Russian tennis player Maria Sharapova admitted she had failed to pass a doping test during the Australian Grand Slam in January.
During an extraordinary press conference in Los Angeles, which was broadcasted on Sharapova’s personal website online, the sportswoman confessed she had been taking mildronate for the past ten years. The drug was recommended by her family doctor and wasn’t banned at that time.
Not so long ago, she received a letter from the International Tennis Federation that notified her that mildronate that is also known as meldonium has been prohibited since the beginning of 2016. As a result, her doping test turned out to be positive.
Sharapova was excluded from competition, which is to start on March 12 until circumstances of the case are clarified.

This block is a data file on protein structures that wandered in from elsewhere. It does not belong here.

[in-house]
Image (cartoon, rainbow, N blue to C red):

It is reported that the same substance had been found during doping control of Russian figure skater Ekaterina Bobrova. She has been also suspended from participation in all the competitions until things get settled.
Meldonium is used to treat angina, myocardial infarction, cardiac insufficiency, and other diseases.
The drug has become popular among athletes because it increases work capacity, as well as mental and physical stamina. It has a tonic effect on the central nervous system, improves memory, concentration and coordination. Hundreds of athletes are believed to take this drug.
Sharapova can claim she took the drug for medical reasons and demand for an exceptional permit to take it. Such a permit is called TUE (therapeutic use exemption).
TUE permits the athlete to take a prohibited medicine if he or she suffers from a particular disease and the drug is necessary to treat it.
According to the rules of WADA, Sharapova can be suspended from tennis for up to four years.